Researchers at the University of Bristol with collaborators from ETH-Zurich have shown that the rate of condensation of water on organic aerosol particles in the atmosphere can be very slow, taking many hours for a particle to change in size. This could have significant consequences for understanding how clouds are formed, affecting climate.
The influence of aerosols (small particles less than 1 micrometre in diameter) and clouds (liquid droplets 1 1000 micrometres diameter) represents one of the largest uncertainties in our understanding of trends in past global climate and predicting future climate change, as recognised by the 2007 report of the Intergovernmental Panel on Climate Change.
One of the most significant 'known unknowns' is how quickly water can condense on the small aerosol particles to grow and become cloud droplets, influencing the albedo (reflectivity) of clouds and cloud lifetime (precipitation).
In a study published today in PNAS, Professor Jonathan Reid of the University of Bristol and colleagues show that the rate of cloud droplet growth can be strongly dependent on the composition of the aerosol.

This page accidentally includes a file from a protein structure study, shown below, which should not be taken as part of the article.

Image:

For aerosol particles that have high viscosity (equivalent to saying they behave like treacle or even bitumen), water evaporation and condensation can be very slow, taking many hours.
For particles that are much less viscous (more like olive oil or even water), evaporation and condensation can be very fast: less than 1 second.
Professor Reid said: "Although not providing all the answers, this work helps us better understand the 'known unknowns'. Most importantly, it demonstrates that better understanding the rate at which water condenses on particles in the atmosphere is crucial for understanding clouds."
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More information: Comparing the mechanism of water condensation and evaporation in glassy aerosol, by David Bones, Jonathan Reid, Daniel Lienhard and Ulrich Krieger is published in PNAS.